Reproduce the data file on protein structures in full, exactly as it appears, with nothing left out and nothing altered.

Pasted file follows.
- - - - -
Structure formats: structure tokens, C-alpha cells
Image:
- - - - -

Structure formats: structure tokens, C-alpha cells
Image: